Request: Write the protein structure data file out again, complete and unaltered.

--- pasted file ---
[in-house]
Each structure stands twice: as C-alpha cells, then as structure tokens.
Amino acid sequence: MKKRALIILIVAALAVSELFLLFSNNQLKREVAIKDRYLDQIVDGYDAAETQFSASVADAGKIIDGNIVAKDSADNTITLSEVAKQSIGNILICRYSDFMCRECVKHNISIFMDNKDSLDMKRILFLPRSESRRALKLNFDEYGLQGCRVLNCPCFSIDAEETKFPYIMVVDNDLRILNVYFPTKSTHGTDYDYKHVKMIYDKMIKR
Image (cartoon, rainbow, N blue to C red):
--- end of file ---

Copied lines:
[in-house]
Each structure stands twice: as C-alpha cells, then as structure tokens.
Amino acid sequence: MKKRALIILIVAALAVSELFLLFSNNQLKREVAIKDRYLDQIVDGYDAAETQFSASVADAGKIIDGNIVAKDSADNTITLSEVAKQSIGNILICRYSDFMCRECVKHNISIFMDNKDSLDMKRILFLPRSESRRALKLNFDEYGLQGCRVLNCPCFSIDAEETKFPYIMVVDNDLRILNVYFPTKSTHGTDYDYKHVKMIYDKMIKR
Image (cartoon, rainbow, N blue to C red):